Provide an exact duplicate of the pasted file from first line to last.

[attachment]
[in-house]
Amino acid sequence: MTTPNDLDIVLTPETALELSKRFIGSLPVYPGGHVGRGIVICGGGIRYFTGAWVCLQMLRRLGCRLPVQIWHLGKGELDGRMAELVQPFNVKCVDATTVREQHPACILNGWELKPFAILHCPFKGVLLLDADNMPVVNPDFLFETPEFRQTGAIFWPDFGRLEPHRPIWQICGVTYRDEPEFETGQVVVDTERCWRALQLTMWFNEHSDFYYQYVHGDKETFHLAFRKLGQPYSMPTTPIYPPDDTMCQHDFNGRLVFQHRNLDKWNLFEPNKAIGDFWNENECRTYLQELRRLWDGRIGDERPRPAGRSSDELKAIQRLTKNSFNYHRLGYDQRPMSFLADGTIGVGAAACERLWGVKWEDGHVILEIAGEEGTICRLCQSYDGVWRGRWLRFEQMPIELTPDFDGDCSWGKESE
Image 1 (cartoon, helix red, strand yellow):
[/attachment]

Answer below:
[in-house]
Amino acid sequence: MTTPNDLDIVLTPETALELSKRFIGSLPVYPGGHVGRGIVICGGGIRYFTGAWVCLQMLRRLGCRLPVQIWHLGKGELDGRMAELVQPFNVKCVDATTVREQHPACILNGWELKPFAILHCPFKGVLLLDADNMPVVNPDFLFETPEFRQTGAIFWPDFGRLEPHRPIWQICGVTYRDEPEFETGQVVVDTERCWRALQLTMWFNEHSDFYYQYVHGDKETFHLAFRKLGQPYSMPTTPIYPPDDTMCQHDFNGRLVFQHRNLDKWNLFEPNKAIGDFWNENECRTYLQELRRLWDGRIGDERPRPAGRSSDELKAIQRLTKNSFNYHRLGYDQRPMSFLADGTIGVGAAACERLWGVKWEDGHVILEIAGEEGTICRLCQSYDGVWRGRWLRFEQMPIELTPDFDGDCSWGKESE
Image 1 (cartoon, helix red, strand yellow):